Look at your current and future current (Amps) needs, then choose one that will cover that and more. If powering HF equipment avoid brands with known RFI issues.
In my opinion, Astron is one of the best power supply companies and I like their lightweight switching series like the SS-25M and SS30M. These are very reliable and if they break outside the warranty period Astron will fix them for almost free. I've made mistakes and blown up an Astron linear supply to bits and they completely rebuilt it for $20. This was a very old power supply that I bought used and they still fixed it and brought it up to the latest version and specs.
Astron and Samlex are the power supplies you usually see intended for radio communications applications. I think the Alinco power supplies are probably OK, too. If you find a deal on a used Icom, Kenwood, or Yaesu power supply, they would be OK, but they are too expensive new.
As for planning for future needs, don't simply add up the transmit current requirements of all your intended radios and think that's how much power supply you need. You aren't likely to transmit with more than one radio at a time, so use the highest transmit current of your selected radio and then add a couple of amps for each of the other radios to cover their receive current requirement.
Some people buy a power supply, connect it to the 6 devices, & throw it behind a table to live on the floor for 12 years out of site for that whole time. If this is you, get an Astron 35 amp HEAVY linear supply. If however you need to move your power supply often, then get one of the light switchers. Astron SS30 is great. I also own 2 MFJ 4230’s, & they are great. Not made by MFJ, they are also sold under the Jetstream, & QJE brand names. It’s better to buy one bigger than you need, than to buy what you need, & a year later it’s not big enough.
Most of the computer/server/router power supplies create lots of RFI on HF. You can get a 3,000 watt power supply in a box about 13 X 4.5 X 1.25" but you will need a box twice the size to hold all the filters needed to clean it up.
The Icom 7300 is a great radio and draws about 12 to 15 Amps average on SSB during transmit and about 18 to 20A in FM mode. An Astron SS30M with volt and current meters would easily handle the 7300 and a 50W 2m rig transmitting at the same time, which is unlikely but at least you know it would handle it.
I've bought two of the TekPower TP50SW 50 Amp 13.8V Analog DC Power Supply with Cigarette Plug units from Amazon.
I use one with my 7300 and the other with my 7100. I've found both examples I have to be quiet as far as the fan goes, and also as far as RFI is concerned. They have an adjustment knob that will move any RFI a little up or down in frequency, so on the rare occasion I am trying to hear a weak signal that seems to be getting some interference, I can move the knob to see if it's coming from my power supply, and if so, eliminate it by moving it.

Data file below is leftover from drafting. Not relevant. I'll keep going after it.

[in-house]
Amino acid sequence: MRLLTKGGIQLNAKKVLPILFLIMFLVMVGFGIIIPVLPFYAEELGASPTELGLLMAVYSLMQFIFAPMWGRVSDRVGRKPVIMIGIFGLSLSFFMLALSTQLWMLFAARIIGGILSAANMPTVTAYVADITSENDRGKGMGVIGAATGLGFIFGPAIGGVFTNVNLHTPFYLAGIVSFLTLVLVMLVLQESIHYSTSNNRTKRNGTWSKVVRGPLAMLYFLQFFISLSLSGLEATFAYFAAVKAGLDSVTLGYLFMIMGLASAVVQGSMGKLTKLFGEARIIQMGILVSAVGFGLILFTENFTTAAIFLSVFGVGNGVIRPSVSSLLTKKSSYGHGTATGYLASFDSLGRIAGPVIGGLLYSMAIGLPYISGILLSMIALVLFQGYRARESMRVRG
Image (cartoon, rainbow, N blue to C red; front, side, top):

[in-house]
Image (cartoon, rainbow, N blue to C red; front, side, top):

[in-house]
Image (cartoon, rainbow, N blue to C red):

Its a well documented problem with various fixes, mostly using ferrite. Do a Google search on computer power supply RFI and you will have lots to read.
The big high power server supplies are meant to plug into a mating chassis that has enough filtering to pass FCC specs. When we buy and use the individual power supply modules without the host chassis there is little to no RFI filtering in some of them. I use a number of multi kilowatt server supplies and have to install commercial Corcom AC input filters and hand make high current filters for the DC outputs.
As a youth, just starting out with a CB, a car battery was what I used. Since I was running "barefoot", it ran fine and I'd check the voltage every few days and put the battery on a charger when it got a little low. That worked fine for quite some time and I didn't have to worry about filtering.
There's a fair amount of leeway for a power supply that serves a 40w-50w 2M/70cm mobile radio. A 12-15A, 12VDC nominal should work fine. If you intend to get in to HF, a well filtered power supply is a must. Trying to operate with a noisy power supply is an exercise in frustration.
Lastly, running multiple radios simultaneously on a single power supply is fine. Keep in mind that radios will draw the most current during transmitting and You'll likely only do that on one radio at a time. I routinely run two - three radios at once on one 50A power supply and never have any trouble.
lots of good input.
I definitely want to buy the right one the first time.
I'm not trying to buy the cheapest. Probably don't need the best either.
But I want one what I wont regret buying. No need in being frustrated with what I buy.
And a couple people mentioned having one that is well FILTERED. One person recommended an ASTRON. How is the filtering on the Astron?
Or what are the good FILTERED power supplies on the market?